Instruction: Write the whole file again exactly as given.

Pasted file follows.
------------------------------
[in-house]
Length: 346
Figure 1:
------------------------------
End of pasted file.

[in-house]
Length: 346
Figure 1: